Equality and Democracy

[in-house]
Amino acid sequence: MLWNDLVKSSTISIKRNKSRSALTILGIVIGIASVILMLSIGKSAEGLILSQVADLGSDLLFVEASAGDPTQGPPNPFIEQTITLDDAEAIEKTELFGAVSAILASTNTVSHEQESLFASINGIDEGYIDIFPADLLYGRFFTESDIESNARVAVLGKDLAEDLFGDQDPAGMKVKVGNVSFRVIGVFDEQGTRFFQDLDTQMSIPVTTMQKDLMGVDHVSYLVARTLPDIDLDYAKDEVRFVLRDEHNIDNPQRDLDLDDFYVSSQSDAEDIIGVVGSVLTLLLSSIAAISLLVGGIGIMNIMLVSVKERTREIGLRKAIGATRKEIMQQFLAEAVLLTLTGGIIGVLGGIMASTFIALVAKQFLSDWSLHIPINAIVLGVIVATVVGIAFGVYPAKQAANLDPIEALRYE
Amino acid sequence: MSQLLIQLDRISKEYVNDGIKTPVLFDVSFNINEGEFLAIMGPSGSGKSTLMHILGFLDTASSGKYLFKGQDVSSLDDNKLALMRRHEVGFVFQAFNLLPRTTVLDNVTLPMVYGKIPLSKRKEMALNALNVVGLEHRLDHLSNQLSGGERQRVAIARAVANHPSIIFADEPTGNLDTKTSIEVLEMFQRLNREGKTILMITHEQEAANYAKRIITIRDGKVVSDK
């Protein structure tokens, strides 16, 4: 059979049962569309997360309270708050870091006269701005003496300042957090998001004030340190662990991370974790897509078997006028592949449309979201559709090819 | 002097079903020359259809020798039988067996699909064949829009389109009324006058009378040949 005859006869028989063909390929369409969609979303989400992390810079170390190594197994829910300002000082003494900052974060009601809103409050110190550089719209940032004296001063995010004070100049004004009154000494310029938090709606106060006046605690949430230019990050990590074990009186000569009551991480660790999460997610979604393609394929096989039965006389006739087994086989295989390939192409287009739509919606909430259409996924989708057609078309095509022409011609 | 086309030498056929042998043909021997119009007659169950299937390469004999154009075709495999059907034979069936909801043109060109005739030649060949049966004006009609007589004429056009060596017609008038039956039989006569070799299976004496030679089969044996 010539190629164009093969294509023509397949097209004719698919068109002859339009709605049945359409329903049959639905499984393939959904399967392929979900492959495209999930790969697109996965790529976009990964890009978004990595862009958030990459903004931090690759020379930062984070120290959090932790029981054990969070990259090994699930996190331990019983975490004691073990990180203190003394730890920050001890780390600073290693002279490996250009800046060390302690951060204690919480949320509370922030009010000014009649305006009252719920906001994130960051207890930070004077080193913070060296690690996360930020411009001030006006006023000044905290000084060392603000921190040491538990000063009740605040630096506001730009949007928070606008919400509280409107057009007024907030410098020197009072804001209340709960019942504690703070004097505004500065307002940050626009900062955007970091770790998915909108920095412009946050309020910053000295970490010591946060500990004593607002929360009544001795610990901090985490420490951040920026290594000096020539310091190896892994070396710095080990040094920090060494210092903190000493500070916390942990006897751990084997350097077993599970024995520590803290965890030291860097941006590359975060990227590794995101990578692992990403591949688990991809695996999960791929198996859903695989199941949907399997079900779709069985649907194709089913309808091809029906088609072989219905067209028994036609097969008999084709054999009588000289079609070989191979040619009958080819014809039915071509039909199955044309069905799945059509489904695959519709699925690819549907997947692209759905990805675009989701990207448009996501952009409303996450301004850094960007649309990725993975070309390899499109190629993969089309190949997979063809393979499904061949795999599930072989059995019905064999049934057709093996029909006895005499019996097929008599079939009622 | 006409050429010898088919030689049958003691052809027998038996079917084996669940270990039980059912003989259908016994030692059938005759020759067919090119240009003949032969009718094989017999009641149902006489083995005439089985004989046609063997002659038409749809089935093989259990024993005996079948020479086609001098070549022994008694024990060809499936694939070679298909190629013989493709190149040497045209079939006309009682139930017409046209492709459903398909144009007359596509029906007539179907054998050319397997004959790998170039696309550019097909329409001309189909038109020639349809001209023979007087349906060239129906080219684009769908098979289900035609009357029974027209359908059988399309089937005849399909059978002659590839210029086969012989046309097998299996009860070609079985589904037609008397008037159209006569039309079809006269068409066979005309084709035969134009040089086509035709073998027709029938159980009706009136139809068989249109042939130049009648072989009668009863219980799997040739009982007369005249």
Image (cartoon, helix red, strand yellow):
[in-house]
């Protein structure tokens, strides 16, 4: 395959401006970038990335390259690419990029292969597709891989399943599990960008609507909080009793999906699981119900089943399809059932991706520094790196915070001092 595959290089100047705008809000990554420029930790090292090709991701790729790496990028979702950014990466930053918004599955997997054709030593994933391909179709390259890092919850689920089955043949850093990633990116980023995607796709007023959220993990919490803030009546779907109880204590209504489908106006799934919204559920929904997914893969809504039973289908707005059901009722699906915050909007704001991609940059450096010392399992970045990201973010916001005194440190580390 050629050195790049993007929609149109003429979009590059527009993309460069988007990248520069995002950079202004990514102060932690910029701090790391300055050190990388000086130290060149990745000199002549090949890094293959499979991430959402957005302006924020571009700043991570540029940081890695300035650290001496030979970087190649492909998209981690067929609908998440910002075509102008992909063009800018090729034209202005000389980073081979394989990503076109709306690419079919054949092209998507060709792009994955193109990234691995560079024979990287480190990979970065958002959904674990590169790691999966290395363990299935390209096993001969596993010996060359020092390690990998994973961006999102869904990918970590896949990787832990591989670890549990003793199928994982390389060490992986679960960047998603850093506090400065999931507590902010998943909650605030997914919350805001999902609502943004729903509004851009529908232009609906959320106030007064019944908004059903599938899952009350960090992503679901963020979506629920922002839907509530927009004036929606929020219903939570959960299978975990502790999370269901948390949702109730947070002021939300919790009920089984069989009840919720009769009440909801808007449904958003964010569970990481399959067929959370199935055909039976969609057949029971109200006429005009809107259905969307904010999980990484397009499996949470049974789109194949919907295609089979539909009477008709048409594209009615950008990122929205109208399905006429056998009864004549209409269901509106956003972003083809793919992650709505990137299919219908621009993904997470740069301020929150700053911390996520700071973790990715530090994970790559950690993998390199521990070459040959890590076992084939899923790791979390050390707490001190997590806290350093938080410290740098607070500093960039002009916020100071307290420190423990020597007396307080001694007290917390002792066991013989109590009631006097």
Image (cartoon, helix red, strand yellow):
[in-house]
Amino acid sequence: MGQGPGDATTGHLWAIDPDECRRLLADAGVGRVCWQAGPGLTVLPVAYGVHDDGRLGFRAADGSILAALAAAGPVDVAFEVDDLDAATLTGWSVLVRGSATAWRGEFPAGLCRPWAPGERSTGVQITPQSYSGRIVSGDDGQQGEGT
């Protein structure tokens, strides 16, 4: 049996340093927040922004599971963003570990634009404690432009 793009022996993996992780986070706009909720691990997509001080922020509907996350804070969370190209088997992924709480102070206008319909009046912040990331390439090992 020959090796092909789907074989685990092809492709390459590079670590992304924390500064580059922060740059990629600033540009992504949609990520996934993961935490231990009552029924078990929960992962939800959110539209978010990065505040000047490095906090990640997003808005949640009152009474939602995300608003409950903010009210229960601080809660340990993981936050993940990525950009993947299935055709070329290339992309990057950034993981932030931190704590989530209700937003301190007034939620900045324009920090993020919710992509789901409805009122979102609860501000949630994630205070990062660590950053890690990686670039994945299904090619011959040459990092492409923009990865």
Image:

The concept of equality has from the earliest days been the most important stimulus to mass movements of a socialist character. The socialist claim for equality is a compensatory idea, a compensation for an inferiority complex which is due to a lengthy historical development and arises out of the general conditions of working-class life. The instinct of autovaluation, individual in its nature, leads man, the man of the western world, to desire equality; but at the same time his social instincts maintain his faith in an “upper” class, which shall set an example of a desirable state of affairs, and thus give the longing for equality an objective. In Britain and the United States, the workers are led by their longing for equality to demand freedoms from the State; in continental European countries, the workers clamour for rights.